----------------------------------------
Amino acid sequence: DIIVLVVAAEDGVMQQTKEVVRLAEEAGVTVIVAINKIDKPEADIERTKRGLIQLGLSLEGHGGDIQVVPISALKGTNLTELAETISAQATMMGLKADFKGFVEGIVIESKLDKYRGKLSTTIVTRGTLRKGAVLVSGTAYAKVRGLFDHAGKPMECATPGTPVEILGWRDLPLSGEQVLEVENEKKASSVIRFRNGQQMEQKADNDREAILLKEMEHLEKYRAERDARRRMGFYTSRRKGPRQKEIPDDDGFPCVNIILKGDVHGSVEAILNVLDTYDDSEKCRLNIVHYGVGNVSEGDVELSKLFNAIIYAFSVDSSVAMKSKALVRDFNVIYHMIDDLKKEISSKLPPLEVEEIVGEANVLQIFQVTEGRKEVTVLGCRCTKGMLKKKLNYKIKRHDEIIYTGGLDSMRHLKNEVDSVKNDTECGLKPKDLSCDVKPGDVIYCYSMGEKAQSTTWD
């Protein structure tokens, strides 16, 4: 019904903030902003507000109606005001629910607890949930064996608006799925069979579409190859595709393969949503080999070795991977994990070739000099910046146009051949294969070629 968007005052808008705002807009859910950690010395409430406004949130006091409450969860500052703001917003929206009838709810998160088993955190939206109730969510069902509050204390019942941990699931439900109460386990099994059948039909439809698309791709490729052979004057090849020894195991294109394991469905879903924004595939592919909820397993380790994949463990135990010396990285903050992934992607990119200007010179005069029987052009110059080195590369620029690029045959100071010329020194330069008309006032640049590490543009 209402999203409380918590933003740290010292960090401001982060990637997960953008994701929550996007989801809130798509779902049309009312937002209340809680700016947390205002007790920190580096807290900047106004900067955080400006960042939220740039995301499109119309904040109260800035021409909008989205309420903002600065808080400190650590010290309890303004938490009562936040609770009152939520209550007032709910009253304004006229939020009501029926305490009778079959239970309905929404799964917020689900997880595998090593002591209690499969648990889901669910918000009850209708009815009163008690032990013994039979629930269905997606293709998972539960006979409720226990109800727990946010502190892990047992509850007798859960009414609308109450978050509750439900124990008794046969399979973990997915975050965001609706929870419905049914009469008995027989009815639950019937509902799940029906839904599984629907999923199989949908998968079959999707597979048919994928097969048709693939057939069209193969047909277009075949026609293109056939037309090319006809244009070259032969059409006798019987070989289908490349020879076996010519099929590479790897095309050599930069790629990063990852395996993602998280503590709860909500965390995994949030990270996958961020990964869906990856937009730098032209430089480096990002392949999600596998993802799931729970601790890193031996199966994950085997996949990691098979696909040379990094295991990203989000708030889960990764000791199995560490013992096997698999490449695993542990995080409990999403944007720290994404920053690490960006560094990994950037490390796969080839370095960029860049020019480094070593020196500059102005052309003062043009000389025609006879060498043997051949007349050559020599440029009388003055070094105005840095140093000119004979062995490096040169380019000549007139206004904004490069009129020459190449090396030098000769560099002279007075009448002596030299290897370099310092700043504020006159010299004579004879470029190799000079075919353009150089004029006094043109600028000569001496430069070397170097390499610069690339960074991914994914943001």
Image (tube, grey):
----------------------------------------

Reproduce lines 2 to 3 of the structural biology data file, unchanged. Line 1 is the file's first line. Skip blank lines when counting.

């Protein structure tokens, strides 16, 4: 019904903030902003507000109606005001629910607890949930064996608006799925069979579409190859595709393969949503080999070795991977994990070739000099910046146009051949294969070629 968007005052808008705002807009859910950690010395409430406004949130006091409450969860500052703001917003929206009838709810998160088993955190939206109730969510069902509050204390019942941990699931439900109460386990099994059948039909439809698309791709490729052979004057090849020894195991294109394991469905879903924004595939592919909820397993380790994949463990135990010396990285903050992934992607990119200007010179005069029987052009110059080195590369620029690029045959100071010329020194330069008309006032640049590490543009 209402999203409380918590933003740290010292960090401001982060990637997960953008994701929550996007989801809130798509779902049309009312937002209340809680700016947390205002007790920190580096807290900047106004900067955080400006960042939220740039995301499109119309904040109260800035021409909008989205309420903002600065808080400190650590010290309890303004938490009562936040609770009152939520209550007032709910009253304004006229939020009501029926305490009778079959239970309905929404799964917020689900997880595998090593002591209690499969648990889901669910918000009850209708009815009163008690032990013994039979629930269905997606293709998972539960006979409720226990109800727990946010502190892990047992509850007798859960009414609308109450978050509750439900124990008794046969399979973990997915975050965001609706929870419905049914009469008995027989009815639950019937509902799940029906839904599984629907999923199989949908998968079959999707597979048919994928097969048709693939057939069209193969047909277009075949026609293109056939037309090319006809244009070259032969059409006798019987070989289908490349020879076996010519099929590479790897095309050599930069790629990063990852395996993602998280503590709860909500965390995994949030990270996958961020990964869906990856937009730098032209430089480096990002392949999600596998993802799931729970601790890193031996199966994950085997996949990691098979696909040379990094295991990203989000708030889960990764000791199995560490013992096997698999490449695993542990995080409990999403944007720290994404920053690490960006560094990994950037490390796969080839370095960029860049020019480094070593020196500059102005052309003062043009000389025609006879060498043997051949007349050559020599440029009388003055070094105005840095140093000119004979062995490096040169380019000549007139206004904004490069009129020459190449090396030098000769560099002279007075009448002596030299290897370099310092700043504020006159010299004579004879470029190799000079075919353009150089004029006094043109600028000569001496430069070397170097390499610069690339960074991914994914943001």
Image (tube, grey):